PRESIDENTIAL ELECTION

CJ could have used rule of sub judice

In Summary

• The CJ has placed a gag order on litigants and their lawyers from commenting on presidential petitions

• The rule of sub judice blocks public comments on whether a party in a court case is right or wrong, innocent or guilty

Chief Justice Martha Koome addressing advocates on February 28
CJ KOOME: Chief Justice Martha Koome addressing advocates on February 28
Image: COURTESY

The Law Society has bitterly opposed Chief Justice Martha Koome's gag order on comments from litigants and their lawyers in presidential petitions.

The Chief Justice was reacting to a small group of lawyers who are vociferous, especially on social media, about the merits and demerits of legal cases. They would appear to breach the rule of sub judice which rules out public comment on the rights and wrongs of ongoing legal cases.

The rule of sub judice is intended to protect the court from being unduly influenced by public discussion.

The Law Society argues that the gag order is an infringement of the constitutional right to free speech but there are many restrictions on what we can publicly declare - the law of libel and the rule of sub judice among them.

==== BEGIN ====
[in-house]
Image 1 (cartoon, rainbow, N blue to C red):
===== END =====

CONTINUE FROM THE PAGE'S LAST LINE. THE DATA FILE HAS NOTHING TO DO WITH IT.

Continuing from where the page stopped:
The lawyers would therefore seem to be making a mountain out of a molehill. The CJ's gag order only applies to comments that lawyers should not be making anyway. But perhaps the CJ would have done better to just announce that the rule of sub judice will be rigorously enforced with presidential petitions and anyone breaching it will be held in contempt of court.

Quote of the day: “I have conquered an empire but I have not been able to conquer myself.”

Peter the Great
The Russian Tsar
founded the city of Saint Petersburg on May 27, 1703